The 460th Communications Squadron and the 460th Civil Engineer Squadron work with Radome Services at Buckley Air Force Base, Colorado, to replace an existing antenna with a more technologically advanced antenna that can better communicate with newer satellites. Credit: U.S. Air Force

This article originally appeared in the July 29, 2019 issue of SpaceNews magazine.

Fair or not, rockets and satellites generally overshadow the ground systems they need to do their missions. But as the U.S. military looks for faster and cheaper ways to get data from satellites, ground systems are attracting growing attention.

The Air Force Space and Missile Systems Center (SMC), based in Los Angeles, is placing greater focus on the modernization of ground systems, says Col. Rhet Turnbull, the head of a new organization within SMC called Cross Mission Ground and Communications Enterprise. This new office was created as part of a major reorganization known as SMC 2.0 that started more than a year ago.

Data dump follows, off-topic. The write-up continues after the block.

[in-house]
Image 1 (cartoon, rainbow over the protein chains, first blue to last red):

Contractors prepare a ground antenna at Schriever Air Force Base, Colorado. Credit: U.S. Air Force

The Cross Mission Ground and Communications Enterprise was finally established in June. Turnbull was previously deputy director of SMC’s Space Superiority Systems Directorate. He is now in charge of a broad portfolio of programs that before the SMC reorganization were managed in isolation and now will be moved under a single umbrella.